Leather goods made by inmates at Northward Prison and other local handmade products are going on sale at a new George Town store.

The shop, called “Hand Made With Love,” will sell leather products made as part of the Northward Prison Tannery and Leather Crafts Rehabilitation Program. It opened its doors in Crown Square on Eastern Avenue on Monday.

The store is also selling handmade quilts, spreads, stuffed toys and pillow cases made by the people of the Cayman Islands – the oldest being 94-year-old Laurel Watler.

Also on sale are some Cayman favorites, including Linda’s Pepper Jelly, Carol’s Guava Jams, and candles and soaps from Beach Bubbles made from fresh buds, seeds and flora.

In addition, there are basket works, leather goods and tie-dyed items from the Macusis and Wapisiana village tribes of Guyana.

Store owner Supriya Bodden, who initiated the leather-working program at the prison, said, “Across Cayman, there are people who are presently unemployed, people who are searching for some sort of way to empower themselves to make a living. We want to try to involve as many people as possible and let them understand that if they want to develop their skills and bring the crafts that they do here, we will do everything in our power to try to make the store a success and spread the word.”

A new tannery being built at Northward Prison will see inmates, as early as next year, working with skins from invasive green iguanas to make items such as belts, bags and wallets that will be sold at the store.

Ms. Bodden said Hand Made With Love has a long history.

Ms. Bodden, who lives in Cayman but runs a charitable trust called The Guyana Foundation in her homeland, said her charity aims to teach skills to citizens who can then turn their knowledge into a thriving career, and if it has been able to work in Guyana, there is no reason why it cannot work here in Cayman.

After getting the go-ahead from government and prison officials, she enlisted craftsman Colin Bollers from Guyana to teach the prison inmates the finer points of tanning and leather working in the hopes of giving them marketable skills upon their release.

“The timing of this store venture is great,” said Kathryn Dinspel-Powell, deputy chief officer in the Ministry of Financial Services and Home Affairs, as she admired the handiworks at the store with other guests Monday.

She said one of the goals at the prison is to offer rehabilitation opportunities to offenders.

“Two of the main ingredients that help someone getting caught in that cycle of re-offending is having stable housing and employment,” she said.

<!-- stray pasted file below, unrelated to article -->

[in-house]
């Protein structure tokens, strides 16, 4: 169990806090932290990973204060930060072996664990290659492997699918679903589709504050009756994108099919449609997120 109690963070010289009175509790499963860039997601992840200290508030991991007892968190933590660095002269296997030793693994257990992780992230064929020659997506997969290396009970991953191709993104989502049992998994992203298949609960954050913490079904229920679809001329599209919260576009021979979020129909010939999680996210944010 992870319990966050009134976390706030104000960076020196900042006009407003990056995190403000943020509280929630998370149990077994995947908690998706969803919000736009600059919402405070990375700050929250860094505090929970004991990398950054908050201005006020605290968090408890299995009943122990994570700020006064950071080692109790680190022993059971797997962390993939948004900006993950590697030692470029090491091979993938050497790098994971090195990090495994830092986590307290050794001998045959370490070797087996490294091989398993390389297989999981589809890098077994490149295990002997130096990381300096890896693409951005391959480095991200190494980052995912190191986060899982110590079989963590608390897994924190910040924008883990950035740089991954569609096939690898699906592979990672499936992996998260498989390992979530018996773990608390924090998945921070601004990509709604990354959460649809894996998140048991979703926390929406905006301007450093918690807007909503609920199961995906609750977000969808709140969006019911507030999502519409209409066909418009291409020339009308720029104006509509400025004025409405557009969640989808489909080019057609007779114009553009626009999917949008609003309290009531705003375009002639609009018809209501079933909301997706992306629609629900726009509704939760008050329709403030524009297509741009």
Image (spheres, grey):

She explained that assessments of inmates showed that many do not have employable skills or confidence in their abilities – elements that rehabilitation staff try to work on with the prisoners while they are in the prison system.

She said the prison service was trying to find other opportunities within the prison to give people skills they could use when they are released, that will enable them to sustain themselves in the community and work independently.

“There is a huge pool of talent within the inmate population of Cayman and the idea that we might be able to give them a new venue and a new outlet for that creativity is so exciting that when Supriya reached out and said come along to this presentation, the prison director and I were excited to do so,” Ms. Dinspel-Powell said.

Aduke Joseph-Caesar, prisons deputy director of rehabilitation, thanked Ms. Bodden for the opportunity to allow prisoners to showcase their potential.

She said inmates will receive 60 percent of the money made from sales of the items they make. The other 40 percent will go back to the prison to cover the cost of materials. The store will display and sell the items for free.

Sixty inmates are involved with the leather goods program.

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  1. I agree that is a good idea for the prisoners to be learning some trade while in prison . But the idea of the inmates getting 60% of money from the sales of the goods they make . How are they given that 60%/money ? Do they get to keep that money on them while in prison ? If so then I see why people are tempted to get caught trying to smuggle drugs into the prison. Who is controlling the prisoners money ? I remember when prisoners said that they were paid a penny a day and they weren’t able to touch that money until they were released.
    Those days there weren’t any problems with drugs in the prison .

    I see more of why Mr Levis would want to quit his job after 6 months of being on the job .